Lithia Artisans Market of Ashland (LAMA) is a collective of regional artists and craftspeople from the Ashland area exhibiting and selling their own work. This festive open-air market runs weekends from mid-March through October, Saturdays from 10 – 6 and Sundays from 11 – 5. Located on Calle Guanajuato along Ashland Creek, this picturesque venue is the perfect spot for artisans to exhibit and sell fine art and quality handcrafted work and interact directly with the public. Calle Guanajuato is a quaint alley located behind Ashland’s downtown plaza between Winburn Way and North Main. It is adjacent to Lithia Park and near the Oregon Shakespeare Festival theaters. In this interview we spoke with market manager Marcus Scott.
It is my pleasure. We have a lot of new things happening at the market these days. Last year the city repaved the alleyway we call home, Calle Guanajuato. That is a project that was in the works since the flood back in 1997. It finally came to fruition last year and we couldn’t be more happy with the outcome.
This year we got a brand new mural at the top of our market. This mural was the inspiration of a local couple who are dedicated to the idea of public art in Ashland. Barry and Kathryn Thalden envisioned a giant mural on this wall depicting images of Ashland’s sister-city, Guanajuato, Mexico. They took a trip to Guanajuato and met the perfect artist for the project, Loreta Ragnel Villasenor. Loreta is a kind hearted, quiet, caring woman who carries with her all that is magical about her home. Her mural wonderfully depicts the colors and iconic architecture of Guanajuato. The mural is aptly named “The Streets of Guanajuato.”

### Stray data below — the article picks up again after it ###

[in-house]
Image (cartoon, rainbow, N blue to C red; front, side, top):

I have witnessed dozens of people shooting photos of themselves in front of the mural. It is the perfect backdrop to photograph images that make it appear as if you are journeying through a cartoon reality. The mural is great. I love it!
This giant mural, 24 feet tall by 53 feet wide, is the largest public art piece of its kind in downtown Ashland. This international art piece is a public acknowledgement of the spirit of cooperation, both locally and globally. When we reach out to our closest friends, in this case our fellow artists in our sister-city in Mexico, we are reaching out to the big world. We are embracing our shared humanity by pulling our countries closer together. We are building bridges rather than walls.
Tell us about the new souvenir booklet the market has created. Where did you guys come up with this idea?
We keep an eye on what other artisans markets are up to. Last year one of our members brought in a souvenir booklet from the Portland Saturday Market. It featured many of the artisan members of that market, a map, and a directory. Everyone on the board of directors of the Lithia Artisans Market loved this idea. We determined that we would pursue the feasibility of producing our own booklet for the Lithia Artisans Market. After three months of hard work, we are very happy with the results.